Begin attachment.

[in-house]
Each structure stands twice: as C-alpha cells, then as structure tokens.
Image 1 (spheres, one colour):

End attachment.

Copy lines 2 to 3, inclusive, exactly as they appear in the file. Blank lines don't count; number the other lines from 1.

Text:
Each structure stands twice: as C-alpha cells, then as structure tokens.
Image 1 (spheres, one colour):